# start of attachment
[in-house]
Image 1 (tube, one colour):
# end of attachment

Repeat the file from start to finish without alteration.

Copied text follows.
[in-house]
Image 1 (tube, one colour):